Resolution:  I will make myself available to another, regardless of what my plans were today.  My plan will be their plan; my life will be a part of their life; my heart and mind will be available to help lift up their heart and mind.  Two hearts are better than one.  Two heads together will solve the problem.  By my words and my actions, I will make it clear to them that they are not alone.

3 comments:

  1. Father Alfonse,
    This is what I posted on my FB today. Thank you for the words of Resolution.
    I must confess...today i was feeling bad because when i went to go visit my Mom I didn't have anything to give her for Valentine's Day. Those of you who really know me know that I am a last minute person, needless to say that last minute caught up to me. So I was feeling sad, imagining how all the other residents were going to have all kinds of decorations and shirts that said I Love You, etc. So I get to the nursing home and she is already in the dining room waiting to have breakfast. As I walk in I get several compliments about how nice I look so I start to feel even more guilty, thinking, awe my Mom doesn't have anything Valentiny (I know not a word) anyway we do our morning routine of feeding her breakfast. During our interaction she starts pointing at the things she wants, since she cant talk anymore. I start doing my little therapy with her and tell her to use her words...c a f e... so she repeats c a f e...I praise her show her how excited I am that she said a word. Then I said to her I Love You Mama...she just stared....Then i said now you tell me so I had her repeat
    "I L o v e y o u m i j a." and she repeated " I L o v e y o u m i j a." That totally made my day! Then I read the daily meditation from our priest's blog and this is what was at the end of his meditation.
    Resolution: I will make myself available to another, regardless of what my plans were today. My plan will be their plan; my life will be a part of their life; my heart and mind will be available to help lift up their heart and mind. Two hearts are better than one. Two heads together will solve the problem. By my words and my actions, I will make it clear to them that they are not alone. How powerful...if that is not God's Love being manifested to me then I don't know what is. I pray that God's love may be manifested to you on this Valentine's Day. ---Love Minerva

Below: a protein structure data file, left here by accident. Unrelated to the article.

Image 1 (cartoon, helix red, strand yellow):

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  2. One experience that helped my brother immensely in his decision to enter the novitiate of the Jesuit order was when he wrote out his own eulogy. It took him months to complete; but when he finished he knew who he wanted to be and the road that would lead him to this destination. He challenged me to do the same. This exercise is daunting! How I fall so short of what I want to become! I will never reach it! But my faith is not in myself; only in my God. I am nothing, He is everything. This is my ONLY consolation.
    Very Happy Valentine’s Day Father Alfonse. I don’t know if you realize how many hearts are moved by your meditations, words and experiences. It is by your life experiences that you challenge us to move closer to our Lord. He puts us in daily challenges that we almost don’t desire because they are so hard to overcome; but it is by these very challenges that He knows exactly what we need to overcome in order to become Him. It is a remarkable life we are living today!! I am so grateful that I am alive in this age. Thanks for being who you are.

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  3. Father Alfonse,

    Did you find a copy of Ash Wednesday and have you read it?